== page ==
And what of Carroll’s friend George MacDonald? Even if children haven’t encountered Carroll’s original books, they have some awareness of them via Disney’s movie. MacDonald, on the other hand, seems off everyone’s radar. He appears hardly read at all except by adults like ourselves. “You could say,” writes Naomi Lewis in her introduction to my Puffin edition of The Princess and the Goblin, “… that it is about a little girl who lives in an ancient castle in a wild, mountainous region, whose father has ridden away on his horse on some grave and serious errand; and about a boy miner, called Curdie, who saves her from the goblin kingdom underneath this land. Or you could say that like most invented fairy tales, it is about the battle between good and evil. There are certainly many exciting happenings in that goblin world which the miners’ tunnels so often have to cross. But what is most likely to remain in anyone’s mind long after the book is closed — even a lifetime after — is the secret turret room at the end of the winding stairs: the room with the fire of roses, the shining lamp, the starry walls, the free white birds, and the spinning wheel whose sound is like summer, whose thread is one of the finest gifts in the world. And anyone who read this book is never likely to forget the lady who spins the thread — Irene’s great-great-grandmother.”

I sure haven’t. I read this book and its sequel, The Princess and Curdie, over and over as a child. They cast such a spell on me that when I recently reread them I had such a vivid image of that room that I knew I must have drawn it. After scrabbling around a bit enough among my childhood drawings, sure enough there it was — a watercolor with stars that I had cut out of foil and glued to the paper. MacDonald’s language, characters, dramatic tension, and especially imagery upon rereading were as potent for me as ever. However, I’ve not given them to any of my students recently fearful that they would find them to be too old-fashioned. Fortunately, I’ve been reassured by Kemie Nix who recently wrote me:

George is too old-fashioned for many, but not all children. He often needs an introduction, but then children beg for more. It was interesting, when I was teaching in the inner-city not too long ago, I read The Princess and the Goblin to a third grade of African-American children – sort of against my better judgment as it is what I call “a pink-and-white book” (Irene’s hair and starry blue eyes) but an African-American librarian…insisted that I read it, because she didn’t want ANY change in my curriculum from private school. They LOVED it! They loved it so much that I tried to analyze why it was received so enthusiastically. I finally concluded that love of grandmothers is so strong in that community that perhaps that was the reason they embraced the book. My African children [in the school in Kenya where I teach] also love it. Go figure. (Perhaps grandmothers again.) Anyway, with a little help, he seems to speak universally.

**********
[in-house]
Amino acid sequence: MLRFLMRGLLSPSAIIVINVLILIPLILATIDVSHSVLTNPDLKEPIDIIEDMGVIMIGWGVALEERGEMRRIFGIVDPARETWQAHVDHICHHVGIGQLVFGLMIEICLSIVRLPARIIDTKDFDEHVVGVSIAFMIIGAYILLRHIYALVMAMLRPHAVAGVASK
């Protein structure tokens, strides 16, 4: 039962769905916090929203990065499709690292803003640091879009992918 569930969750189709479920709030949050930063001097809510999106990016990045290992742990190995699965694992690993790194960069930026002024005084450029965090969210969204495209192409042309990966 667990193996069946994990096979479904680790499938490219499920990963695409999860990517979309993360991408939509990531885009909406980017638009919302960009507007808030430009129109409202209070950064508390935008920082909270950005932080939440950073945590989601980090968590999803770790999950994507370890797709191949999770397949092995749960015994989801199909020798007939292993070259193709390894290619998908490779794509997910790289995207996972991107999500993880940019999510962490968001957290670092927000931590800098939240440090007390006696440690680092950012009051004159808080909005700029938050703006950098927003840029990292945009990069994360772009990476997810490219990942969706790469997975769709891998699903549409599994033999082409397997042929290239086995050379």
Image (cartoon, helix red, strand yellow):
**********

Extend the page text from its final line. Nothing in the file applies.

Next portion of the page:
So it seems Naomi Lewis had it right — no one who encounters Irene’s great-great-grandmother can resist much less possibly forget her.

A MacDonald book I have used successfully with children today is The Light Princess. It is a very different sort of book from the two princess novels – literally lighter in heft, tone, spirit, and language. As with Alice’s Adventures in Wonderland, as Kemie notes, a little help is needed and so I do slip in bits of information here and there as I read; however, not much as I prefer to rely, as I think MacDonald did himself, on the very capable child readers themselves to figure out some of the words they don’t know.

For example, here is the beginning of MacDonald’s description of the witch — “She was a sour, spiteful creation. The wrinkles of contempt crossed the wrinkles of peevishness, and made her face as full of wrinkles as a pat of butter.” Now I can read that knowing that while my students may not know many of the individual words, they easily get the overall sense of this unpleasant character; as one wrote to me, “The witch is very ugly.” The children were very intrigued by it seeming to be a parody of “Sleeping Beauty”, fascinated by the curse causing the princess to have no gravity in both the physical and emotional sense, and captivated by such language play as “ light footed and light fingered.” Here are some of their other comments:

  • There are a lot of very funny puns in this story.
  • ‘They might knock her down, push her down, but never could let her down’ is a very funny comparison to her when people played ball (with her being the ball)